classical music. I transferred to one of NYC's better all-city schools in 7th grade, and had classmates who had been exposed to the arts already. So, Sleeping Beauty and Swan Lake were likely the first classical pieces which I heard performed by a live orchestra (of the American Ballet Theater) when I attended with friends. We also had music classes, and I became pretty interested in playing the recorder. I bought alto and tenor ones on my own. (Before anyone laughs, a lot of early music was written for the recorder.) In addition to playing standard Handel stuff in school concerts, a guitar playing classmate and I (on a recorder) used to play ad hoc duets of more contemporary music like James Taylor pieces for the younger classes, so they would find learning the instrument more interesting.

Then in my mid-20's, I attended my first opera performance, La Traviata and by Act II, had found my primary music interest.

The sad thing is that I cannot sing, at all lol.

I do like most forms of classical music. Other than the opera, I like early music and vocal ensemble music the best, but with few exceptions, I am open to listening to anything.
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MuseRider Donating Member (1000+ posts) Send PM | Profile | Ignore Sun Dec-12-04 10:20 AM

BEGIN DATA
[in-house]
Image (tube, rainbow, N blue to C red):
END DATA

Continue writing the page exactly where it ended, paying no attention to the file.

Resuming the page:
Response to Reply #16
17. Recorders are beautiful
instruments. I have an alto and soprano, I don't play it much but I love to pull it out and just play on occasion.

I too love vocal music, I do not own much of it but I love the interplay between voices and the orchestra particularly(I am going to go play one of those jobs this afternoon and can't wait). As a musician I find it extremely frustrating to have a voice like a frog. Oh well, in my car it matters not.
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FuzzySlippers Donating Member (1000+ posts) Send PM | Profile | Ignore Sun Dec-12-04 07:51 PM
Response to Reply #17
18. I have a sopranino.
Edited on Sun Dec-12-04 08:04 PM by FuzzySlippers